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12 Aug 2014 Intensive care infections remain at low levels

Healthcare Associated Infection (HAI) rates in intensive care units (ICU) in Scotland remain at a low level, according to the annual report from the Surveillance of Healthcare Associated Infection in Intensive Care Units programme, published today by Health Protection Scotland (HPS).

Dr Stephen Cole, Consultant in Intensive Care Medicine and Chairman of the Scottish Intensive Care Society Audit Group said:

"This report remains unique in providing almost complete coverage of the entire ICU population of a whole country. Following significant declines in previous years, rates of HAI in Intensive Care Units remain at a relatively low level. This reflects the importance attached at Board, Hospital and Unit level to minimising harm and improving the quality of care in this critically ill group of patients.”

“Future work will focus on how we can collect and analyse our data more effectively to identify opportunities for new approaches, such as identifying and targeting those patients most at risk of developing an HAI.”

Data collected during 2013 showed that three in every 100 patients staying in ICU for more than two days developed an infection, 1.6 in every 100 patients developed ventilator associated pneumonia and 1.3 in every 100 patients developed a bloodstream infection.

"Professor Jacqui Reilly, Lead consultant in HAI at HPS said “ Incidence rates of selected HAI in ICU  in Scotland in 2013 are similar to those reported from 2012, which may represent a plateau in HAI in the intensive care setting, as has been seen in other HAI surveillance programmes since 2012.”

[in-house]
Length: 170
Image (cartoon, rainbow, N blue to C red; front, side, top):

[ENDS]

Contact:
Health Protection Scotland - Communications  Team
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5 Cadogan Street
Glasgow G2 6QE
Tel: 0141 300 1117
Email: NSS.hpscommunications@nhs.net

Notes to the Editor

  • The Surveillance of Healthcare Associated Infections in Scottish Intensive Care Units Annual Report 2013 presents data on the number of pneumonia, bloodstream infections and central venous catheter-related infections there have been across general adult intensive care units across Scotland. It can be accessed at http://www.hps.scot.nhs.uk/haiic/sshaip/publicationsdetail.aspx?id=59858.
  • This report was written and produced by the Health Protection Scotland (HPS) and the Scottish Intensive Care Society Audit Group (SICSAG) collaborative group for the Scottish Intensive Care Unit Associated Infection Surveillance Programme.
  • Health Protection Scotland (HPS) is part of NHS National Services Scotland (NSS), a special health board providing services critical to frontline patient care and which is supportive of the efficient and effective operation of the NHS in Scotland. http://www.hps.scot.nhs.uk
  • The Scottish Intensive Care Society Audit Group (SICSAG) aims to improve the quality of care delivered to these patients by monitoring and comparing activities and outcomes across Scottish Critical Care. http://www.sicsag.scot.nhs.uk.
  • The HAI Annual Report 2013 published in May 2014 reported on all Scottish HAI surveillance activity and stated that infection rates continued to plateau, a trend that emerged in 2012. Work is being carried out across a number of surveillance programmes to improve understanding around the epidemiology of HAI so that new approaches to reduce risk of HAI further and to ensure that patients most at risk are targeted.